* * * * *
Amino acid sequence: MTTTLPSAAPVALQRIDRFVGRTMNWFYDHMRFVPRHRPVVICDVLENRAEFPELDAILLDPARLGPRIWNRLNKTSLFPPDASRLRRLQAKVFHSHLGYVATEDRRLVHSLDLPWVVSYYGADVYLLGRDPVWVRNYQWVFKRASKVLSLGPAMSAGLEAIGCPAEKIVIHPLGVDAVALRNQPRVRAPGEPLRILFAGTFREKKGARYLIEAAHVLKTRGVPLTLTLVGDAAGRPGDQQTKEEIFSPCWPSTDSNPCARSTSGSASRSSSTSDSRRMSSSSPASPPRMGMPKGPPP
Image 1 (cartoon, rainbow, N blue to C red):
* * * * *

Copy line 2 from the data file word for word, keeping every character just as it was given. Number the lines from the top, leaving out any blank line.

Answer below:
Image 1 (cartoon, rainbow, N blue to C red):